Fossil Q Venture 3rd Gen Smartwatch Review

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Fossil Q Venture Quartz Stainless Steel Casual Watch, Color:Silver-Toned (Model: FTW6003) ★★★★☆

This is listed as a Woman’s watch, but in my opinion, I’d say it’s better designated as unisex, not male nor female specific. Typical feminine watch traits include small wrist size, thin straps, lighter strap material, and a small case diameter. While that’s not always true, I feel it important to note that this watch has none of that. I may have thin wrists compared to some men, but there is nothing small, little or dainty about this watch. I’m a 6’ tall 199lb man, and find the strap to be thick and heavy as well as large (had to remove 3 links to fit). The case diameter is nearly as wide (42mm) as my Emporio Armani Men’s ‘Luigi’ Casual Watch (Model: AR11025) (43mm), not to mention the band and case thickness are meatier. If you are a male, don’t feel like you’ll lose your man card by getting this watch. If you are a female, don’t feel like the watch would be a beast on your wrist.

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Fossil Q Venture case and band easily large enough for a man.

Why? Because the Q Venture was specifically designed to be smaller (42mm diameter / 15.5mm thickness) than its sibling, the Q Explorist (46mm diameter / 12.5mm thickness). As such, Fossil removed the two extra side buttons, rotating crown and speaker to save space. Not having a speaker means it only vibrates for alerts, cannot be used as an independent music player, and lacks call features (cannot make and receive calls from the watch itself). The notification vibration was so soft that I could barely feel it, but there’s a setting to make the vibration pattern longer and somewhat easier to sense. Still, I’d have preferred sound. I find it works best if your phone has notifications turned on too so that you don’t miss them on the watch.

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Fossil Q Venture in box.

I came across compatibility issues with the software, but that’s more a reflection on Google Android Wear than Fossil. For instance, I listen to podcasts regularly and use the PlayerFM app. The sync between the watch and the phone kept messing up, and would lose my place in the program (starting over rather than resuming after a pause). I installed the PlayerFM app directly on the watch to see if that helped, but it didn’t. Ended up switching to Google Music’s podcast services and that works better. However, when I installed Google Music on the watch itself to gain full control, the podcast option was missing. Have to run everything through the phone. In essence, it’s best to stick to Google made apps if you can, but on the watch those get stripped down with missing features. Not to mention a lack of customization/settings.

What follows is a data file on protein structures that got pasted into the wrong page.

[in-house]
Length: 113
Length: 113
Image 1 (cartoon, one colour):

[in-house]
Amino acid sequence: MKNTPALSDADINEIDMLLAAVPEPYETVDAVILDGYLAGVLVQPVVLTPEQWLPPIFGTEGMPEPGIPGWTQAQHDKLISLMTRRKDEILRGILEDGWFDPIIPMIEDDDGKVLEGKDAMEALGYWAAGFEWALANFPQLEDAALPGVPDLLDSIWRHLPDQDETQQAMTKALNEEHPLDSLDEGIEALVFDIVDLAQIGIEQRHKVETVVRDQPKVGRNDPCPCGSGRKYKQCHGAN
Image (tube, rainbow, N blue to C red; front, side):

On top of that, I found it did a poor job of speech recognition compared to my phone. On my phone, my words are almost always picked up correctly, whereas on the watch, it replaced some of my words with ones that were not even close. This is a big negative considering the watch relies on speech much more than the phone does. Makes quickly replying to a Hangouts message or email trickier. Thankfully there are basic responses you can select from a list such as “No” “Ok” and “I’ll be right there.” Best to stick to the phone for longer conversations, but it’s nice to shoot off a quick reply from your wrist when you can.

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This watch is compatible with other 18mm straps. There’s an easy release mechanism on the band so you can remove it without the need for tools. However, you will need tools if you want to remove links in the band to make it smaller. I purchased an inexpensive 5-Piece Watch Band Link Pin Tool Set and it worked fine. Uncommonly, the pins can be removed in either direction, as arrows etched into the metal on the backside indicate (which makes things easier).

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Wireless charger only comes with USB cord, not power/wall adapter.

A replacement/extra Fossil Q Smartwatch Charger runs for $25 or you can get third-party charging docks for around the same price. Note it does not come with an AC outlet/wall adapter, so you need to plug the USB cable into a computer or other power source that you already own. You’ll need to charge the watch every day as the battery only lasts up to 24 hours, which means you’re likely not using it at night for sleep monitoring. Also note that the Q Venture does not support heart rate measurement. It does have a built-in fitness tracker that records steps, distance and how many calories you burn.

The watch cannot record video or take its own pictures, and for some reason it never shows photos sent in Hangouts (just displays text saying that your contact “sent a photo” — to view it you need to use your phone). The touchscreen has a full round display, removing the black bar at the bottom found on older 2nd Generation models. While the Q Venture is compatible with iPhone 6S (I use it on Android Marshmallow), it won’t let you text directly from the watch.